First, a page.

He told stories of farmers and fathers, seeds and trees. Stories of everyday life and ordinary situations. His stories were usually short, tweetable, memorable, simple and yet deeply challenging. His stories usually took familiar happenings and turned them on their head, typical beginnings led to unexpected conclusions. I suspect that most of us like stories.
Be it Scandi Noir, the Daily Mail, Jane Austen or the latest adventure film, we enjoy participating in the journey of a good story. Getting to know the characters, the twists and turns, risk and suspense of the story, the blend of exciting uncertainty and comforting predictability that draws us in and keeps us going to the end.
However intellectual or practical we might think ourselves, however, little we pay attention to what is on at the cinema or on the best seller lists we are storied beings. We become and know ourselves through story just as we experience and explain ourselves through story.
Our stories are rarely as tidy and contained as those pared down stories useful for our enlightenment, enjoyment and escape, yet story remains our best and most natural way of expressing ourselves.
Of course, our stories are much more rich and complex than Tolstoy or Spielberg could narrate fully. However, they are also shaped by the partial stories we surround ourselves with. These stories of film, novel, science and history form the basis of our imagination, they push and pull on our sense of self, they determine what we consider possible, they shape our experience of our own stories and so have an impact on how we live into the story that we are writing in the living of our lives.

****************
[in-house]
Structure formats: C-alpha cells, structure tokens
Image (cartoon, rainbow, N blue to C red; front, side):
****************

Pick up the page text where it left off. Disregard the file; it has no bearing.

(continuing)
All stories have a point, they have a direction, they incline the reader towards or away from something. They feed a hunger for adventure or romance or community or change and though it is exceptional for a person to be radically changed by encounter with a single story, , a lifetime’s formation in our cultural inheritance of ten thousand stories, from Disney to Dante, each story has a vast and immeasurably powerful impact on who we are and who we are becoming.
This is why Jesus told stories. Stories that were at once familiar and shocking, stories to unpick and reshape our usual stories, stories to challenge the stories we tell ourselves and tell about ourselves. Jesus told stories of superabundant harvests and forgiving and loving fathers, stories of good and generous foreigners and of people giving up everything for a precious treasure.
Jesus told such stories to help people who thought they understood life to grasp it on a deeper level, to discover and connect with the remarkable grace of God that lies hidden in plain sight just beneath the surface of existence.